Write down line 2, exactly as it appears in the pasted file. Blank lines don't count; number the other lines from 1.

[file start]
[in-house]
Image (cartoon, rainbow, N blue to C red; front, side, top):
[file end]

Image (cartoon, rainbow, N blue to C red; front, side, top):